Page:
This has had a significant impact on the assessment of adults living with frailty and/or multiple co-morbidities. Previously, under standard observations and assessments, a large proportion of people would have been conveyed, but the trust can now provide acute hospital-level treatment and support them at home.

Patients requiring urgent diagnostic testing can now be seen and clinically assessed at home within 2 hours and have treatment started; if appropriate, the team will admit them to the frailty virtual ward service.

As a result of using PoCT, the trust can now provide appropriate treatment to patients with multiple organ failure such as heart and kidney failure in their homes, managing their symptoms of fluid overload. For example, with access to real-time results on kidney function, clinicians now know whether to change the intravenous diuresis dose and can do so immediately.

Contact for further information.

2.2 Supporting management on virtual wards

Virtual wards support patients who would otherwise be in hospital to receive the acute care, remote monitoring and treatment they need, in their own home or usual place of residence.

The main PoCTs virtual ward providers are typically using to aid clinical decision-making are:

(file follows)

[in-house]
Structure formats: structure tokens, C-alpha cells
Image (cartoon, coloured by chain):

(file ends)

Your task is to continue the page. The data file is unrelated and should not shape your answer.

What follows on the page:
• blood glucose and ketones
  • C-reactive protein (CRP)
  • D-dimer
  • haemoglobin and haematocrit
  • influenza and COVID-19
  • international normalised ratio (INR)
  • lactate
  • renal profile commonly known as urea and electrolytes (U&E)
  • venous blood gas analysis (VBG).

PoCT is an area that is constantly evolving; what is available now is not static or fixed. The types of PoCT required differ by type of virtual ward; for example, heart failure virtual wards may also include N-terminal pro B-type natriuretic peptide (NT-proBNP). See the virtual ward FutureNHS page for further examples.

Case study: City Health Care Partnership CIC, Hull and East Riding of Yorkshire

City Healthcare Partnership CIC provides a joined-up frailty virtual ward and UCR service, which is also integrated in 111, 999, as well as proactive care. Its model of care uses a team of frontline healthcare professionals (primarily Band 3 clinical support workers, as well as paramedics and advanced nurse practitioners) who visit patients at home. Their decision-making and PoCT result interpretation are supported by a remote hub staffed by consultants and GPs specialising in frailty.

The team use a range of PoCT devices: portable, handheld IVD PoCT (blood glucose and ketones, CRP, haemoglobin and haematocrit, lactate, U&E, VBG); a bladder scanner; ECG; a digital stethoscope and high-definition camera to carry out remote examination. The latter uses bluetooth and middleware to save results to the patient’s EPR.